7. Not a million miles off (assuming we're talking Derek Dougan-era Wolves) I know using Pantones for paint references isn't a good idea, but 135C is pretty close. https://www.e-paint.co.uk/Colour_alternatives.asp https://www.mypantone.info/135C.html Pete S.
  8. Found this:— http://www.steamindex.com/people/engrs.htm So that backs it up to pre-1864 on the GWR. I'd expect that it was patented & thus expensive to implement for 'foreign' companies; by the time it had expired (1880s ?) I'd guess that bolt-ons had become SOP for many & it took a while to catch on. The 1932 date given in the LMS paper ties in with the arrival of Stanier from Swindon. I can remember seeing bolts on the tender wheelsets of the Super D when it was being overhauled at Crewe & being surprised/shocked that it had such antiquated fastenings for something so relatively modern. Pete S.
  9. Prior to Tuesday 17th November 1908: P_089 - Railway Tyres and Tyre Fastenings 1908.PDF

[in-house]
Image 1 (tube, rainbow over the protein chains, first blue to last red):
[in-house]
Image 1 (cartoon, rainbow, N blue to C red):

10. You left out: The door lock escutcheon plate is polished brass & not painted black & the 'Third' is a fanciful interpretation of that applied to Lake stock. Sadly, the whole thing appears to be a flight of fancy & shouldn't be regarded as representing anything other than itself. If you had ever applied lining to the full-size article as I have, you'd find that the lining brush follows the mouldings more readily when applied to the apex of the moulding. The fingers use the moulding as a guiding edge & the brush size determines the lining width - Goose (#6) if memory serves, maybe a Large Duck (#4). The result leaves a narrow (1/8") black 'gap' between the line & the panel. As to the colour... I've only ever seen a solid yellow/buff colour when rubbing down some old doors. That colour is referred to by signwriters as "Gold Colour" or "Old Gold" & has no relation to metallic gold paint, gold leaf, schlag, or bronze powder. The notion that coaches of all classes were lined in some form of gilt is, I suspect, down to a misinterpretation by one or two armchair historians. The Cream = Ivory position is supported by the surviving side of the BG 1st No. 319 held at Bristol M Shed. That's pretty much all-original. At Didcot there's a partial side of a BG 3rd (No. 250) that shows a very pale Ivory/Cream that has the appearance of a very deep cream due to being over-varnished with something very thick & then tarred. It also shows traces of your 'distance line', painted in what I take to be Indian Red. See also this Blog thread Not so. Crop from Drawing 101837 dated July 1934 which states that droplights & the edges of their openings are to be painted 'Mahogany' colour:— Glass Houses, sir. Pete S.